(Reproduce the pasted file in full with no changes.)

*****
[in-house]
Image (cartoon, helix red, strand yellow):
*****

[in-house]
Image (cartoon, helix red, strand yellow):